3. Coordinators can choose whether or not they themselves are used to process queries (as opposed to just managing them).

Again, coordinators take client connections (e.g. JDBC, ODBC, etc), and they take queries from those connections, parse them, validate them, break them into tasks, and schedule them across the pool of available workers.

Workers just report to the discovery server and handle the tasks they are allocated.

HA Options

There is surprisingly little to find online about making Presto HA.  The only two solutions that I’ve seen are:

  • Run multiple clusters behind a load balancer.
  • Run multiple coordinators and some form of proxy service to ensure only one is ever active at a time.

Both of these have challenges and/or drawbacks.

If you are running multiple clusters, you probably want them to be active/active so you don’t only use half of your nodes at a time.  Handling this properly requires that your proxy service issue a redirect to the target cluster’s coordinator so that the client (e.g. JDBC connection) can re-send the request to that and talk to it directly.  This will work, but you’ve still limited the maximum query size you can do as you split your nodes into 2 or more clusters, so they cannot all co-operate on very large queries.

Running multiple coordinators for HA is preferable as you get to combine all of your nodes into a single, large cluster that can attack large queries.  It is not trivial to do though as if two coordinators operate at once, they can degrade and even deadlock the cluster.  We’ll dig into how to run with multiple coordinators now.

Using Multiple Coordinators

If you want to set up Presto using multiple coordinators, here is the general approach:

  1. Set up 2 or 3 nodes as coordinators.
  2. Tell them to run their own discovery servers in their config.
  3. Tell them to point at localhost for their own discovery server – this is quite important.
  4. Tell them not to do work (It will keep things more stable, but unfortunately, that means that your cluster has less power.  You’ll probably have far more workers than coordinators though, so it shouldn’t be an issue).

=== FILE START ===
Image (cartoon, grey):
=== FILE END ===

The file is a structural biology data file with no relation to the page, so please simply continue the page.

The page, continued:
5. Install HA proxy on the coordinator nodes.  Have all the coordinator nodes registered in order and make all but the first one a “backup”.  So, for example, run HA Proxy port 8385 and run Presto on port 8321.  All traffic will go to node #1 unless its down, in which case it will go to node #2, and so on.
  6. Set up a load balancer in front of the coordinator nodes pointing at the HA proxy port and make sure traffic can get through.
  7. Set up all worker nodes to target the load balancer for the discovery server.  So, all workers target the load balancer, which goes to any coordinator, all of which redirect to the primary one.  The primary coordinator always has all workers reaching it courtesy of HA proxy.
  8. As each coordinator itself only reports to its localhost discovery server, coordinators will not end up talking to each other’s discovery servers and will not interfere with each other.  Only one coordinator will ever have workers registered with it at a time.

Let Coordinators Use the Load Balancer?

If you let coordinators use the load balancer, then they will all end up at the primary coordinator’s discovery server.  Now… I have seen people online saying that they ran all nodes as coordinators (e.g. in the linked Gooogle Group conversations below) in which case this must be happening.

When I tried it though, I clearly got this warning from all the coordinators (and probably the workers too, but I didn’t check).  It comes out once a second.

2018-12-29T01:38:01.479Z WARN http-worker-176 com.facebook.presto.execution.SqlTaskManager Switching coordinator affinity from awe4s to 9mdsu
2018-12-29T01:38:01.806Z WARN http-worker-175 com.facebook.presto.execution.SqlTaskManager Switching coordinator affinity from 9mdsu to awe4s

Someone in a Git Hub issue I forgot the link to stated that this means that the memory management may get muddled up, which sounds scary.  I did provide a link to the warning in code below which somewhat verifies this.

So, maybe it is a disaster, or maybe it’s harmless – but in any case, I didn’t want warning messages coming at me once a second that looked this bad.  So, I opted to only have each coordinator talk to its own discovery server, which makes them 100% idle (not processing anything) unless they are the current primary coordinator.  This waste is unfortunate, but as we’ll have far more workers than coordinators, it’s not the end of the world.

Drawbacks

This will keep your cluster running in the event that a coordinator fails.  Any active queries at the time a coordinator fails will fail though – we can’t do anything about that unless Presto starts supporting HA internally.  Also, the fail-over period will be very much tied to your HA proxy configuration and your load balancer health checks (mine takes around 30 seconds using an Azure load balancer and HA proxy, I’ll be looking to reduce that).

Useful Links